Nearly 14,000 spectators at Safeco Field Tuesday had their first in-person glimpse of Tampa Bay’s Cy Young Award-winning pitcher David Price in the duel many expected. Unfortunately for them, it was not the outcome they wanted. The Rays scored two …
Nearly 14,000 spectators at Safeco Field Tuesday had their first in-person glimpse of Tampa Bay’s Cy Young Award-winning pitcher David Price in the duel many expected. Unfortunately for them, it was not the outcome they wanted. The Rays scored two ninth-inning runs off closer Fernando Rodney to beat Hisashi Iwakuma and the Mariners 2-1.
Iwakuma and Price, two of the top pitchers in the American League, battled for eight innings to a near stalemate. Seattle (20-19) held a 1-0 lead from the first inning, thanks to an RBI groundout by Robinson Cano that scored rookie James Jones, who led off with a double for the second consecutive night.
For eight innings, Iwakuma toyed with Tampa Bay (17-23), losers of five of their past six. His combination of fastball, splitter, curve and change-up induced 11 groundball outs to go with five strikeouts. After yielding a one-out double to David DeJesus, Iwakuma retired the next 13 batters in a row and 20 of 22.
“I thought (Iwakuma) was outstanding,” Mariners manager Lloyd McClendon said. “If you really think about what he’s done, I mean really put it into proper context, he had no spring training, maybe four bullpens, one (simulation) game and one rehab start . . . He’s just been phenomenal.”
After working his way through a minor jam in the eighth in which the Rays had the tying run on first with none out, Iwakuma was pulled after 97 pitches.
It’s a move that McClendon has made routinely through 39 games. With Iwakuma making just his third start since returning from the disabled list, McClendon didn’t hesitate. Iwakuma (2-0, 1.59 ERA) threw 24 pitches in the eighth.
“I’ve got one of the best closers in the game, and this guy is going to save a bunch of games for us. It just didn’t go his way tonight. That’s baseball, it happens,” added McClendon. “We’ll pick up the pieces and move on.”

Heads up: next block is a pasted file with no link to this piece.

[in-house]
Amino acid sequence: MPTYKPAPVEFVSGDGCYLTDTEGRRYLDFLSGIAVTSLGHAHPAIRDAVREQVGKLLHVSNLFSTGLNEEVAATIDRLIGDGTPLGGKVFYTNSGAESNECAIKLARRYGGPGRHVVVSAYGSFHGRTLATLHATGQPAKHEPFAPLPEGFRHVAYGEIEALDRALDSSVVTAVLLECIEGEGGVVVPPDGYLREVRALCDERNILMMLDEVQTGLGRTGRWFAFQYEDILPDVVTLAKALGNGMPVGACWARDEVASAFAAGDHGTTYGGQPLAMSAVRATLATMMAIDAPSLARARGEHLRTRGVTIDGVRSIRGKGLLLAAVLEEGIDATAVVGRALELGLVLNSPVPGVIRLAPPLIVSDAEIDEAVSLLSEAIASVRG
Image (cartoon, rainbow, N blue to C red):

Rodney gave up a lead-off homer to DeJesus on a 3-2 pitch to tie the score. He retired the next two hitters. But after back-to-back singles, Matt Joyce put the Rays ahead to stay with a line drive single to center. McClendon pulled Rodney and Danny Farquhar got the final out. Damage was done.
It was another tough night for the Mariners offense. Price came in with a 3-3 record and 4.53 ERA, sub-par numbers for the former the ace of the staff. He entered with the most hits allowed by any AL pitcher and tied for third in homers allowed (nine).
Yet the 28-year-old kept the Mariners quiet for most of the night. After Jones scored, Price allowed just five more hits, walked none and struck out 12 for his second complete game victory of the season.
The Mariners were 0-for-11 with runners in scoring position.
“He wasn’t coming out,” Rays manager Joe Maddon said. “He had 12 strikeouts, was so sharp, and kept hitting the glove. Jose Molina did a great job with him. From the side, just watching his face, he was totally locked in tonight . . . He picked us up big time and a great, great effort on his part.”
Seattle has a chance to win the fifth of its past six series in the rubber game Wednesday afternoon before a short, five-game road trip.
OF Michael Saunders (left knee) missed his third straight start. He remains day-to-day, although McClendon said it is unlikely Saunders will play Wednesday . . . With another hit Tuesday, Cano has reached base safely in 22 consecutive games. His first-inning RBI tied Kyle Seager with 22 for second-most on the club . . . Mike Zunino extended his hitting streak to six games with a double in the fifth inning . . . Iwakuma has a scoreless inning streak of 16 innings, the longest streak for a Mariner this season.